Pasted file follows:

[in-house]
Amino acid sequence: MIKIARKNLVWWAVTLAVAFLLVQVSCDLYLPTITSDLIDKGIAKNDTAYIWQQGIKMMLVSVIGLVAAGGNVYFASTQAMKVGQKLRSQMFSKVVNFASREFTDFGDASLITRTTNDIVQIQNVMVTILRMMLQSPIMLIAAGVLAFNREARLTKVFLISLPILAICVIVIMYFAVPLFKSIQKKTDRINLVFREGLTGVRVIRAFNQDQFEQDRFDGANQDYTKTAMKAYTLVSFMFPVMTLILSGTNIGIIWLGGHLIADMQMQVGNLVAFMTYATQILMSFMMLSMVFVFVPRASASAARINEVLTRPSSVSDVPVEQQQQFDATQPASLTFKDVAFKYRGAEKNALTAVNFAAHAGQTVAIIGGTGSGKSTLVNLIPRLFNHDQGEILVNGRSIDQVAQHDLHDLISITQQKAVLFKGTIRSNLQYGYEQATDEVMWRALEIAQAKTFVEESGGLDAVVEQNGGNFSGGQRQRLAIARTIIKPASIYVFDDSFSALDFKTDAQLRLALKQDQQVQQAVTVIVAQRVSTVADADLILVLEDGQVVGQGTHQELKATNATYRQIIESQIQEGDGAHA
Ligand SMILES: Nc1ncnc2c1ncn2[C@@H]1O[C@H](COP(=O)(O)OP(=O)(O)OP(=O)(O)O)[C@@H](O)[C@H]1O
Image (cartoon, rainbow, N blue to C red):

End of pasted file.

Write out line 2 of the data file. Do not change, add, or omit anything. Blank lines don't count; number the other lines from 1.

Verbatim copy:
Amino acid sequence: MIKIARKNLVWWAVTLAVAFLLVQVSCDLYLPTITSDLIDKGIAKNDTAYIWQQGIKMMLVSVIGLVAAGGNVYFASTQAMKVGQKLRSQMFSKVVNFASREFTDFGDASLITRTTNDIVQIQNVMVTILRMMLQSPIMLIAAGVLAFNREARLTKVFLISLPILAICVIVIMYFAVPLFKSIQKKTDRINLVFREGLTGVRVIRAFNQDQFEQDRFDGANQDYTKTAMKAYTLVSFMFPVMTLILSGTNIGIIWLGGHLIADMQMQVGNLVAFMTYATQILMSFMMLSMVFVFVPRASASAARINEVLTRPSSVSDVPVEQQQQFDATQPASLTFKDVAFKYRGAEKNALTAVNFAAHAGQTVAIIGGTGSGKSTLVNLIPRLFNHDQGEILVNGRSIDQVAQHDLHDLISITQQKAVLFKGTIRSNLQYGYEQATDEVMWRALEIAQAKTFVEESGGLDAVVEQNGGNFSGGQRQRLAIARTIIKPASIYVFDDSFSALDFKTDAQLRLALKQDQQVQQAVTVIVAQRVSTVADADLILVLEDGQVVGQGTHQELKATNATYRQIIESQIQEGDGAHA